Sunday, March 29, 2009

Petition to the DFO Breaks 10,000

The "signatures are still rolling in unabated" says Alexandra Morton in her latest letter to Minister Shea and Premier Campbell, and the count currently stands at 10,465.

This is great news. It will be interesting to see how the DFO responds to the five demands of the petition, though you can expect the sort of PR mumble seen on their "Myths and Realities about Salmon Farming" page.

This DFO"reality" is my favourite: 'Habitat Officers routinely review sites in order to prevent harmful alteration, disruption or destruction of the oceans and freshwater habitat.'

Hmm... if DFO officers are not monitoring bycatch, disease outbreaks, ocean-bottom destruction, and the attraction of marine mammals and wild baitfish to the farming pens... what exactly are they doing in these salmon farm "reviews"?

Alex's letter, and the petition with the latest signatures, is now posted at her Adopt-a-Fry website.

If you haven't already, check out the six-minute "In a Nutshell" documentary above. It's one of several excellent videos by Twyla Roscovich, a young film-maker who has spent a lot of time (months? years?) with Alex in the Broughton.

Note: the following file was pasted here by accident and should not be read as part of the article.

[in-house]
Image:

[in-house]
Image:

(This is the full post, so please ignore the automatic "Read Full Post" link here.)


  1. There are two remarks made by Ms. Morton in her letter to Gail Shea that are false. First of all the vessels are in fact licensed and secondly they are NOT grow lights.

  2. What wasn't in that video is that there are few studies that have actually looked at cause and effect relationships between lice load and mortality of pacific salmon. I'm always surprised that researchers aren't focusing more on proving mortality!
    Simply showing a correlation between lice load of juveniles and number of spawners returning (years later) cannot prove anything. Correlations are interesting, but do little to show cause and effect.
    This means that there is very little research to actually say that lice from farms are responsible for killing juvenile pacific salmon.
    I'm not saying that it's not possible, just that the research still needs to be done.